Pennekamp v. Florida, 328 U.S. 331 (1946)

Author: Justice Murphy

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Pennekamp v. Florida, 328 U.S. 331 (1946)

MR. JUSTICE MURPHY, concurring.

Were we to sanction the judgment rendered by the court below, we would be approving, in effect, an unwarranted restriction upon the freedom of the press. That freedom covers something more than the right to approve and condone insofar as the judiciary and the judicial process are concerned. It also includes the right to criticize and disparage, even though the terms be vitriolic, scurrilous or erroneous. To talk of a clear and present danger arising out of such criticism is idle unless the criticism makes it impossible in a very real sense for a court to carry on the administration of justice. That situation is not even remotely present in this case.

Judges should be foremost in their vigilance to protect the freedom of others to rebuke and castigate the bench and in their refusal to be influenced by unfair or misinformed censure. Otherwise, freedom may rest upon the precarious base of judicial sensitiveness and caprice. And a chain reaction may be set up, resulting in countless restrictions and limitations upon liberty.

1. See the following codes of ethics published in Crawford, The Ethics of Journalism (1924) App. A.: Canons of Journalism, adopted by the American Society of Newspaper Editors in 1923, Art. IV; The Oregon Code of Ethics, adopted by the Oregon State Editorial Association in 1922, Art. I; South Dakota Code of Ethics, adopted by the South Dakota Press Association in 1922, "Truth and Honesty"; Missouri Declaration of Principles and Code of Practice, adopted by the Missouri Press Association in 1921, "Editorial." And see, in the same volume, the extracts from rules and suggestions prepared by the following newspapers for the guidance of their staffs: The Brooklyn Eagle, The Christian Science Monitor, The Springfield Union, The Detroit News, The Hearst Newspapers (personal instructions given by William Randolph Hearst to his newspapers), The Sacramento Bee, The Kansas City Journal-Post, The Marion Star (written by President Harding when editing The Star). See also Sharkey, The Ethics of Journalism, An Address Delivered before the Press Conference of the World, Geneva, Switzerland, September 15, 1926, p. 10; Wicks, Ideals and Methods of English Newspapers, published in Journalistic Ethics and World Affairs, Addresses Delivered at the Fifteenth Annual Journalism Week at the University of Missouri, 1924, 25 U. of Mo.Bull. (No. 32) 25, 26; Gibbons, Newspaper Ethics (1926) 16 et seq.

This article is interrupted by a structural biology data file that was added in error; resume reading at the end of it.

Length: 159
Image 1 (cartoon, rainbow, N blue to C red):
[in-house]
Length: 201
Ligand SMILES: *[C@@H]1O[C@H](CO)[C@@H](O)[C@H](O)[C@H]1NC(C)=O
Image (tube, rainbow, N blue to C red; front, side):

Nor does the fact that the letter was false, while it greatly affects the moral quality of the act, determine its criminality. It is punishable only if it interferes with justice, and, in that respect, truth is harder to meet than falsehood.

L. Hand, dissenting in Ex parte Craig, 282 F. 138, 161, aff’d sub nom. Craig v. Hecht, 263 U.S. 255. See also the dissenting opinion of Mr. Justice Holmes, 263 U.S. at 281. But cf. In re Providence Journal Co., 28 R.I. 489, 68 A. 428; In re San Francisco Chronicle, 1 Cal.2d 630, 36 P.2d 369.


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Chicago: Murphy, "Murphy, J., Concurring," Pennekamp v. Florida, 328 U.S. 331 (1946) in 328 U.S. 331 328 U.S. 370. Original Sources, accessed January 22, 2019,

MLA: Murphy. "Murphy, J., Concurring." Pennekamp v. Florida, 328 U.S. 331 (1946), in 328 U.S. 331, page 328 U.S. 370. Original Sources. 22 Jan. 2019.

Harvard: Murphy, 'Murphy, J., Concurring' in Pennekamp v. Florida, 328 U.S. 331 (1946). cited in 1946, 328 U.S. 331, pp.328 U.S. 370. Original Sources, retrieved 22 January 2019, from